walkitout (walkitout) wrote,
walkitout
walkitout

_Undercover_, Lauren Dane (kindle) spoilers, NSFW

The usual warnings apply: SPOILERS! And very likely NSFW. Also, this is the second in (at least two) reviews of MMF poly novels. Please see the first in the series for definitions, if you have no idea what these words mean and are curious why I'm doing this:

http://walkitout.livejournal.com/892786.html

In addition to being a True Poly Romance (viz happily ever after for the poly group, which is in this case a MMF "V" with a woman at the vertex, but with some sexual activity between the men prior to and throughout the developing triad), this is also a D/S novel. (http://en.wikipedia.org/wiki/Dominance/submission, because I'm not going to explain it here) And it's not a D/S novel in the turn her over his lap and give her a light spanking sense, or tie her down so he can make her come extra hard sense, either. No, this is a D/S novel in which the guys spend a fair amount of time oohing and ahing over how the woman's skin turns such a lovely shade of pink, and when a cat is used on the brown guy, the results are visible through the dark skin and that is part of the fun. This is a novel in which subspace is described repeatedly and lovingly; if you've ever sat around and wondered why the hell anyone would want to do [that], well, this is one well-executed show-don't-tell.

All that aside (and you will never hear me question the appeal of competent flogging, or being tied down, or blindfolded or blah blah bleeping blah), I hate hate hate hate hate did I say hate? Oh, yes I fucking HATE D/S depictions in art where a man is the D and a woman is the S and the woman is HAWT and blonde and long haired and can we just get past this, PLEASE! Also, I hate D/S lifestyle crap, and Dane used a quite nicely developed science fictional multiverse to offer up doozy of a D/S lifestyle: a world with wives and official mistresses and concubines and the mistresses have more freedom but want to be wives anyway and blah blah bleeping blah.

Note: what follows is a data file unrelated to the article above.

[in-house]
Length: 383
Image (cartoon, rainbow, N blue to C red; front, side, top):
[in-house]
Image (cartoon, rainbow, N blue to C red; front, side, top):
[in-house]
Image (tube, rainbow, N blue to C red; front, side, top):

Also, I hate hate hate hate hate using a thrown-together thing to make people fall for each other. Oh, we have to pretend to be having sex with each other oh and it has to be convincing so we're going to actually have to have sex with each other which means, never mind. You get the idea.

Anyway.

Here's what is amazing about this book. Dane did all that (which I disapprove of), but ALSO offered up a neural implant that let the triad have completely concealed communications. So while they are playing at the D/S lifestyle, we have an active, ongoing depiction of everyone in the relationship trying to maintain a relationship of _equals_ -- which is exactly what is supposed to happen in D/S. (The woman character's passive aggressive use of the neural implant aside, and let's not even get into it turns out the men can force their way into her mind bit when they said earlier they couldn't.)